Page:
You are using an older browser version. Please use a supported version for the best MSN experience.

Cold weather alert issued as temperatures set to plummet across parts of UK

The Independent logo The Independent 18/01/2022 Rebecca Speare-Cole
The alert covers central and southern England (Ben Birchall/PA) - PA Wire © PA Wire The alert covers central and southern England (Ben Birchall/PA) - PA Wire

A cold weather alert has been issued as freezing temperatures and widespread frosts are set to hit parts of the UK this week.

The UK Health and Security Agency (UKHSA) urged Britons to stay warm and look out for those most at risk from the effects of colder conditions as it issued the warning on Tuesday.

The alert covers central and southern England.

The Met Office said the West Midlands East Midlands, East, South East and South West are also set to see colder temperatures from around 6pm on Wednesday to 9am on Sunday.

Remind vulnerable relatives and neighbours to heat their home to at least 18C - particularly if they have reduced mobility, are 65 or older, or have a health condition

Agostinho Sousa, UK Health and Security Agency

Met Office Meteorologist Stephen Partridge said that the weather was “one for getting the big coats out” with temperatures as low as 3C (37.4F) to 5C (41F) during the day and -5C at night (21.2F) on Thursday.

“It will certainly be a noticeable change”, he said.

“One for getting the bigger coats out really, through the end of the week.

“Less of the milder conditions we’ve had by day and certainly widespread frosts overnight.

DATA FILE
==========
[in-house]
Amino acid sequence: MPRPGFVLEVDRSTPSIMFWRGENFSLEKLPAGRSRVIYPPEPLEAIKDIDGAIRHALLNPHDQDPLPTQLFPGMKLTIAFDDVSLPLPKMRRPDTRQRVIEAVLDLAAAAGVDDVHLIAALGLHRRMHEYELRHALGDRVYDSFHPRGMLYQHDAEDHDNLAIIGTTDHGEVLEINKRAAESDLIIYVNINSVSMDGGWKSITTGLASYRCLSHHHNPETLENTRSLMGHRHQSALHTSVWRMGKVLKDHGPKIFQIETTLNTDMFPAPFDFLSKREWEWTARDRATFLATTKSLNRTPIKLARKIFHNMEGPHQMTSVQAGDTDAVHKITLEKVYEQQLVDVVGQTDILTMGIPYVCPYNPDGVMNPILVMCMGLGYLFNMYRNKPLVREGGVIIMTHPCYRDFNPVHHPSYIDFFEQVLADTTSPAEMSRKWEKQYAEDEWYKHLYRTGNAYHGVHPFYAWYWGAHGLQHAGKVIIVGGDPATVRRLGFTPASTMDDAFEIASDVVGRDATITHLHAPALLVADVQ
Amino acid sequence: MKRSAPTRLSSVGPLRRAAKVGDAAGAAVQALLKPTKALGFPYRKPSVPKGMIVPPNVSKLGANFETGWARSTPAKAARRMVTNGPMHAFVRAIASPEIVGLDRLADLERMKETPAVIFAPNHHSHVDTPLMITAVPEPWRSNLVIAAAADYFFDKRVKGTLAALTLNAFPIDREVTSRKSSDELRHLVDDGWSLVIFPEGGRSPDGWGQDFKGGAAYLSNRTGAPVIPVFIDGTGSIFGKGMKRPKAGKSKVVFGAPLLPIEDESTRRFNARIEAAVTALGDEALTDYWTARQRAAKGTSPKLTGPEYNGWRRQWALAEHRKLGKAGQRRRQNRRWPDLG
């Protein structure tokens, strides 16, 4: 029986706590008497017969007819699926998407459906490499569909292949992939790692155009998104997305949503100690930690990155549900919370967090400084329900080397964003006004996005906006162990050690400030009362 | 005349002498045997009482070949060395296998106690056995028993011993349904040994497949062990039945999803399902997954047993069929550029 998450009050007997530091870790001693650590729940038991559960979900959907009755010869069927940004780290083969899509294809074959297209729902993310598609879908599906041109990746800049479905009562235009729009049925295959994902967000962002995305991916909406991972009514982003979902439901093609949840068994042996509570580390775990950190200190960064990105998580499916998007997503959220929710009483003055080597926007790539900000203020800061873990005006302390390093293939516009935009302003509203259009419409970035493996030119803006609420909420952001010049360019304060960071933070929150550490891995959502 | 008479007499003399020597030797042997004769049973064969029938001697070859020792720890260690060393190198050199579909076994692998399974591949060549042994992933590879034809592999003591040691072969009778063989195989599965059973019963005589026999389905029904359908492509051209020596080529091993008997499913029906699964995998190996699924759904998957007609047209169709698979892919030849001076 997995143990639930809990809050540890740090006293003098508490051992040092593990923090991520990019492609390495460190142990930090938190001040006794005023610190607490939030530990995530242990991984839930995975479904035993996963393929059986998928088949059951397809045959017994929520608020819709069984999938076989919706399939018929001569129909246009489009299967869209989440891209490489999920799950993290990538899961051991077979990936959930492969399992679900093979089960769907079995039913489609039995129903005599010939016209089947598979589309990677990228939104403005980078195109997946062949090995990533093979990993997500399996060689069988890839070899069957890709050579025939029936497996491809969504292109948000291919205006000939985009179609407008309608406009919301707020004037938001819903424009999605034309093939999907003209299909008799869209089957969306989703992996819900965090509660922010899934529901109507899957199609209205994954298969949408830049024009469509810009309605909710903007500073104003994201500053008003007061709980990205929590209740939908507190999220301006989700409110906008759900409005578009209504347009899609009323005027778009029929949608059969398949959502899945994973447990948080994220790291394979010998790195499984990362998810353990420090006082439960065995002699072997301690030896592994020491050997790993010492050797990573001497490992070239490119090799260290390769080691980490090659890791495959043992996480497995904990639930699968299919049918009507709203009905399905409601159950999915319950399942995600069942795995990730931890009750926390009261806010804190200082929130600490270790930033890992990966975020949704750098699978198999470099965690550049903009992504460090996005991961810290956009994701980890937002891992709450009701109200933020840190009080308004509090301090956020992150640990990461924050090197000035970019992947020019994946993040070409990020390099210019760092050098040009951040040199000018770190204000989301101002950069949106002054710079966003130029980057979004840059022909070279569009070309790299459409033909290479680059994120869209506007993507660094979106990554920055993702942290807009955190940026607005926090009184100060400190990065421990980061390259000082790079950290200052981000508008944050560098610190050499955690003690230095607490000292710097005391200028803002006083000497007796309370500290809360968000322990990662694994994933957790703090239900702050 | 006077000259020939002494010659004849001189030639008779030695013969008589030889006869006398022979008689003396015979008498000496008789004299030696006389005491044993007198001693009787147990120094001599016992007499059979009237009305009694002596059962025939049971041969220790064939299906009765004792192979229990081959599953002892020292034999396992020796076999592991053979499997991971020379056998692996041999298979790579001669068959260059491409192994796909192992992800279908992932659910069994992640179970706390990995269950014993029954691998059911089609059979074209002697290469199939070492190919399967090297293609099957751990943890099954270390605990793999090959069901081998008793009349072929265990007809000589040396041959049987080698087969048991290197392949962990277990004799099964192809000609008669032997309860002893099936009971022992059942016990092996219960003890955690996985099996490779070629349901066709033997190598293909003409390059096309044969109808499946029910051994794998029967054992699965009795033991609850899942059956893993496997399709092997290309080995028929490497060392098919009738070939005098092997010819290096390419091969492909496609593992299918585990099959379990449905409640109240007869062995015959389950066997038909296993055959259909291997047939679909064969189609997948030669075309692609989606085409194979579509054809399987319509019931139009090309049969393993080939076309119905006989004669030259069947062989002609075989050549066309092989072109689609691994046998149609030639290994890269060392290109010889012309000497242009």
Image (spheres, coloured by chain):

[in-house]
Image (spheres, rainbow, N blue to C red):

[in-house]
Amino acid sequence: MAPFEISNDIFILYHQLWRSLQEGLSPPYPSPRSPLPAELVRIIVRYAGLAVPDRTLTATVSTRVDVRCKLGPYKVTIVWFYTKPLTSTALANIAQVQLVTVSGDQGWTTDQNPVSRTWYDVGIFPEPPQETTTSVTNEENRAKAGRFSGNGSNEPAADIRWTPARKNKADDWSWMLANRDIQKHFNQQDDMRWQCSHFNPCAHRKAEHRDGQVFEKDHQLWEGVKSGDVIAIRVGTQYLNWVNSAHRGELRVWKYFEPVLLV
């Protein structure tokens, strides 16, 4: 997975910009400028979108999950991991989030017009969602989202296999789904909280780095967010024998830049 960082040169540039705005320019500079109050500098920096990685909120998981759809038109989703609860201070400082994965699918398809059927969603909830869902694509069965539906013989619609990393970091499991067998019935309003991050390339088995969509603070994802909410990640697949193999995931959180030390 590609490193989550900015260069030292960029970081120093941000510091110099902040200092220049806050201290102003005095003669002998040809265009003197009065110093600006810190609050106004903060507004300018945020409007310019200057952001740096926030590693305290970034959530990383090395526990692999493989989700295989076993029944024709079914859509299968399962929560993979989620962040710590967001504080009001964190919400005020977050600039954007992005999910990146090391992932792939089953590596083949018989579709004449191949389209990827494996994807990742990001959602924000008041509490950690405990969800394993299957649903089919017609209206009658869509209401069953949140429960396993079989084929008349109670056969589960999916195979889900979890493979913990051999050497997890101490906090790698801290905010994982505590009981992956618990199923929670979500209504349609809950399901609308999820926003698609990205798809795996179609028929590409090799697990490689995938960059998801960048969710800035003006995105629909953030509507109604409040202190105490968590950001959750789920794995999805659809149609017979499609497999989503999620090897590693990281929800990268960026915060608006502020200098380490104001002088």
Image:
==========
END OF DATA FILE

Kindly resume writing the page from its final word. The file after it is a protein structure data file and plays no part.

Video: What is the Winter Solstice? (Evening Standard)

UP NEXT
UP NEXT

“Thankfully, it’s going to be mostly dry, so ice shouldn’t be too much of an issue.”

He added that the cold weather was due to Arctic air blowing across the UK.

Agostinho Sousa, consultant in public health medicine at the UKHSA, urged Britons to remind elderly neighbours to heat their homes.

“Cold weather can have a serious impact on health, particularly for older people and those with heart and lung problems, as it increases the risks of heart attacks, strokes and chest infections.

“Remind vulnerable relatives and neighbours to heat their home to at least 18C – particularly if they have reduced mobility, are 65 or older, or have a health condition.

“Should they need to go outside, it’s important for them to wear shoes with a good grip.”

Mr Partridge said that the cold weather had been caused by an “Arctic chill”.

People with dementia aren't always able to communicate the fact they're cold - or they may not even recognise it themselves

Alzheimer's Society spokesperson

It comes as the Alzheimer’s Society warned colder weather can bring specific challenges for those living with dementia and can even make symptoms temporarily worse.

The charity said: “People with dementia aren’t always able to communicate the fact they’re cold – or they may not even recognise it themselves.”

Simple measures can be taken to ensure they stay safe and warm, the organisation added.

These include making sure those with dementia are dressed for colder weather, supporting them across icy and snowy surfaces outside and encouraging regular movement as well as regular meals.

From news to politics, travel to sport, culture to climate – The Independent has a host of free newsletters to suit your interests. To find the stories you want to read, and more, in your inbox, click here.

AdChoices
AdChoices

More from The Independent

The Independent
The Independent
image beaconimage beaconimage beacon